ASHLAND,Ore. — There are a number of homeless individuals in Downtown Ashland. On Wednesday, the community came together to address an issue that they say really affects everyone.
Leigh Madsen has worked with the homeless population for years now.
“The softness and the tenderness of these people, and to come here and see these people and listen to their stories, we can’t miss the fact they are human,” said Madsen.
Representatives from Dignity Village, an encampment of about 60 homeless people near Portland International Airport, came to Ashland on Wednesday night to discuss similar options for Ashland’s homeless.
“Homeless people can self govern; homeless people can negotiate with the city; homeless people can do these things if they’re just given the opportunity,” explained Madsen.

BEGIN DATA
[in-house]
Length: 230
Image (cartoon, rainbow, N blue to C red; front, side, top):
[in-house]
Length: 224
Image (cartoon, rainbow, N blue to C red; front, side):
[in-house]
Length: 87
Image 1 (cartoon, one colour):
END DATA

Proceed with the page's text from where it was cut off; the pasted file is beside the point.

Representatives answered pressing questions about costs and public safety. They explained community donations and grants cover the expense of shelters and food. They also touched on their no tolerance rule for violence and their 12 year relationship with the city of Portland, a partnership they argue can prevent erratic behavior.
“Somewhere to live, somewhere to rest, because without that people get so traumatized and so damaged that they can’t function,” said Madsen.
Some residents said while violence may not be an issue, it’s another type of public disturbance that concerns them. Steve Richie worries panhandling can drive tourists away. Richie also feels Ashland is not the optimal place for a transient population to begin their financial recuperation.
“There’s no fast food base, there aren’t any entry level jobs in Ashland. It’s a tourist community that dries up in the winter,” said Richie.
“But we don’t have any mechanism for transients without money? One we call tourists, the other we call homeless,” argued Sangye Tendzin, who was previously homeless.
There is no concrete plans as of yet, but both sides agree that it will take a community effort to make any changes.